“I can’t breathe.”
Terrifying words that ignited a global civil rights movement. The same words which describe the pain of patients in acute respiratory distress from the novel coronavirus.
Breath – long seen as the symbolism of life – has become a powerful metaphor in recent times.
It is hard to catch your breath with all the turmoil that is 2020 so far. Yet, this is precisely what Wim Hof, my latest guest on the Quite Franklin podcast advises us to do.
This Dutchman holds 26 world records for different feats of endurance in the cold, including the longest time spent in an ice bath and the farthest swim under ice, earning him the moniker “The Iceman”.
Hof also climbed Mount Everest in shorts and even ran a marathon in the Namib Desert without a sip of water.
Though a well-deserved honorific, “The Iceman” cools off on any hot takes about his genetic prowess or superhuman abilities.
That he was simply “born with it” betrays the years of rigorous training and discipline Hof spent to hone his mind and body.
In the nature vs nurture debate, it seems neither holds precedence in shaping Hof to become “The Iceman”.
Per his own account, Wim Hof was just a kid who loved the outdoors when he took a plunge into icy waters of a river canal in Amsterdam.
Curiosity got the better of him that day. The frigid temperatures however, did not.
In the freezing waters, Hof experienced a reawakening of the soul and senses. Like an adrenaline rush, Hof went back again and again, spending more time in the ice with each encounter.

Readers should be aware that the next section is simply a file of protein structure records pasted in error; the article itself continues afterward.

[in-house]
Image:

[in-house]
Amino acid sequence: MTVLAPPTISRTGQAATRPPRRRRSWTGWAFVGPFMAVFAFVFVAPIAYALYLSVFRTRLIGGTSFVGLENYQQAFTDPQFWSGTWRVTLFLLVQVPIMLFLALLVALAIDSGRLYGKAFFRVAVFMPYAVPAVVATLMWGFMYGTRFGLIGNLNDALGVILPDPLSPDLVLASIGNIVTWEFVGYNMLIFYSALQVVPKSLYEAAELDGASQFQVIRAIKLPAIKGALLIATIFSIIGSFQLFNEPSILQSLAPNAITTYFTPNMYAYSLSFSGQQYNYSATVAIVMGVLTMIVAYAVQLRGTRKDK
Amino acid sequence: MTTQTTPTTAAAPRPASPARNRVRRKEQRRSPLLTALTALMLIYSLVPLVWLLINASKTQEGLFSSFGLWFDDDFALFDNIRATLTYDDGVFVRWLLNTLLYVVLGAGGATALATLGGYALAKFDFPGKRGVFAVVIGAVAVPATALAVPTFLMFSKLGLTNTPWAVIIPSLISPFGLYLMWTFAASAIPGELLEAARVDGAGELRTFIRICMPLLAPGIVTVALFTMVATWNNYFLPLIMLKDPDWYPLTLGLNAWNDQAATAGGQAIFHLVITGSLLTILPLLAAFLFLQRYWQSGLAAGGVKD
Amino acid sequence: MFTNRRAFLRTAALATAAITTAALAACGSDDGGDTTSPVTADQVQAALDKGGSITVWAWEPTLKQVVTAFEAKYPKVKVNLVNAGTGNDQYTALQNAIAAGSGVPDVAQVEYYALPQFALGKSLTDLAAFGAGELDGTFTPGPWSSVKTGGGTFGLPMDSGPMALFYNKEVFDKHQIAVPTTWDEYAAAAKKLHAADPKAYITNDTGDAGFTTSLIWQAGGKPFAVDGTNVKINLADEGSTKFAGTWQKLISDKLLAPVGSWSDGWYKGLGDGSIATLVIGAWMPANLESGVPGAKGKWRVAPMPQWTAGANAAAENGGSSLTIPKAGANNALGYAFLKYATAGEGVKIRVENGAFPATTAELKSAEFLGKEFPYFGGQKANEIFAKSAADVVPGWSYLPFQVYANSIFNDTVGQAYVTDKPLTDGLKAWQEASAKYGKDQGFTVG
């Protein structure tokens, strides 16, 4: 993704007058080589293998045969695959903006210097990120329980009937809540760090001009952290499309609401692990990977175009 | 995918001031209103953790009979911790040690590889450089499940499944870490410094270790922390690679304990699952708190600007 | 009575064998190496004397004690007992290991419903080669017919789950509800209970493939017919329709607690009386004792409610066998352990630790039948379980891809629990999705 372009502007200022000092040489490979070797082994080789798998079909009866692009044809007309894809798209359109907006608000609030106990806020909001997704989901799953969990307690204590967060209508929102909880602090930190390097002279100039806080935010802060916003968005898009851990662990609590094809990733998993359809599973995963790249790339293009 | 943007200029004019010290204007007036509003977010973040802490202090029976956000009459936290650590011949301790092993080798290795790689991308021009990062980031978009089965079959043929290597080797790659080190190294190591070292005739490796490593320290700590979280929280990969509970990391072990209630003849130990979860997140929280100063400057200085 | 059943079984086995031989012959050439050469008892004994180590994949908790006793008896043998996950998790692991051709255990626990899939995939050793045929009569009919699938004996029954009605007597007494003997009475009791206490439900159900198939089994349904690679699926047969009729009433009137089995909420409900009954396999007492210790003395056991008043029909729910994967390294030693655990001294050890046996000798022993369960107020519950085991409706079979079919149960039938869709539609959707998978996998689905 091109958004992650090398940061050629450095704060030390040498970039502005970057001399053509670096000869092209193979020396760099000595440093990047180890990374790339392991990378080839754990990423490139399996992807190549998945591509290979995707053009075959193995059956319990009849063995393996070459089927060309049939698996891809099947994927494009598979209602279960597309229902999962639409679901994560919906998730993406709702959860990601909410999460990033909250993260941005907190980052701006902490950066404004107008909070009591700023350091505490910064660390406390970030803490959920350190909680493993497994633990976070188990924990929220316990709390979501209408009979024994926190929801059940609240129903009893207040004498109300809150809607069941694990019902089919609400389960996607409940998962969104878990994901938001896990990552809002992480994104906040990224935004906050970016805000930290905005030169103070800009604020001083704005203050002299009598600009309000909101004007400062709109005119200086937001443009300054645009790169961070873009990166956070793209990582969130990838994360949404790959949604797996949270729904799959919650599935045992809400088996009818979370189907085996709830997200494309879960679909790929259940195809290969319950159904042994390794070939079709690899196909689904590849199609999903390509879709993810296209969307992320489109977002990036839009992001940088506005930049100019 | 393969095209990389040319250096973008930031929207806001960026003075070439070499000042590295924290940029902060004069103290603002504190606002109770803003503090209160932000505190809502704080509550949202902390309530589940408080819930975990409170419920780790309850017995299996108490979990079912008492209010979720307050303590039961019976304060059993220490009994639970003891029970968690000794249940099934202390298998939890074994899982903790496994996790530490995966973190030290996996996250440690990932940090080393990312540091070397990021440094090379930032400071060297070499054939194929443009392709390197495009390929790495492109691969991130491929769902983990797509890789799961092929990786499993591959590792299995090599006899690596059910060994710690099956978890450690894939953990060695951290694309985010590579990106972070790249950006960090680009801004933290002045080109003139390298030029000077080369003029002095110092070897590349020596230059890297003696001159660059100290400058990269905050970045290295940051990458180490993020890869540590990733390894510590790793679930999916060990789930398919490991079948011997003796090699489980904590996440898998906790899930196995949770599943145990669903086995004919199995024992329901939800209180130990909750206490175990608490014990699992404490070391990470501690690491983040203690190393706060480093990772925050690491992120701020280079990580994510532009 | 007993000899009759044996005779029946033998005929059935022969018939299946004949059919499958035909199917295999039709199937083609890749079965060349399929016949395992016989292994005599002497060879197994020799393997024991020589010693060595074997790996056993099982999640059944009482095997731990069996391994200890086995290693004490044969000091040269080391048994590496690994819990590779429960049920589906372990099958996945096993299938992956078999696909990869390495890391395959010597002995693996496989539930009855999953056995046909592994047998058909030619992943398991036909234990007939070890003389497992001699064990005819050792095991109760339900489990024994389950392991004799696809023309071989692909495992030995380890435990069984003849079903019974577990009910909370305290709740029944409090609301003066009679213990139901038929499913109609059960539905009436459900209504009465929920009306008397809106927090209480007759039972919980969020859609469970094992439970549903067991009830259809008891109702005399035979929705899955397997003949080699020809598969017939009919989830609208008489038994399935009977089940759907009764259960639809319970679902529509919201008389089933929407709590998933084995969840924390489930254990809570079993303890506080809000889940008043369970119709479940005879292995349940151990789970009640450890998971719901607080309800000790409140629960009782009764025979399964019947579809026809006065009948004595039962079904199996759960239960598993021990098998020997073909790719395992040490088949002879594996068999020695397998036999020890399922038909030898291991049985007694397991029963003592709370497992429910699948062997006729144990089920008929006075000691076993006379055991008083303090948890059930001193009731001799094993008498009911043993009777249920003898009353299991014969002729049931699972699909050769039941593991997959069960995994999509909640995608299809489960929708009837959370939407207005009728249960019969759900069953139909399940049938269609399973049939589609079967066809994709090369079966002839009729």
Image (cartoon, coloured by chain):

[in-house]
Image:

Hof began formulating his own meditative deep breathing techniques and over time, discovered that it allowed him to regulate his core body temperature.
Through his patented Wim Hof method, Hof claims to have unlocked the body’s adrenal response, which helps him to not only endure the harsh cold but also fight disease.
To the consternation of many in the medical research community, who have decried his attempts at pseudoscience, Hof found himself on thin ice.
Remarkably, Hof silenced doubters by training others using his techniques, and helped them successfully stave off the inflammatory effects of an injected endotoxin in a research experiment.
As long as the ice has been his theatre of spiritual catharsis, Hof has been the lead act.
Now thanks to the Wim Hof method, Hof is both a spectator and teacher to thousands of hungry ears eager to learn the secrets behind his incredible mind and body.
On Quite Franklin, I break the ice with Hof on questions pertaining to his extraordinary willpower and his proclivity to live outside his comfort zone.
We talk about his childhood dalliances with psychology, spiritual and esoteric disciplines and how they led him to develop a mind-body connection that is now a magnet for envy.
In the cold, Hof found a willing teacher. As he said “It doesn’t speak in words, but it explains everything.”
As a student, I seek to uncover the same knowledge in hopes that it will help others push past their limits and overcome life’s challenges, whether they be physical or mental.
Particularly now, as we turn the chapter on a fraught political election, and as social tensions simmer in the wake of a global pandemic, it pays to heed Hof’s advice.
Let’s all take a deep breath. Winter is coming.